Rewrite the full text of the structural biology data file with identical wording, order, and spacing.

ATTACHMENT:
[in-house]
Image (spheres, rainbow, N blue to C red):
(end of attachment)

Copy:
[in-house]
Image (spheres, rainbow, N blue to C red):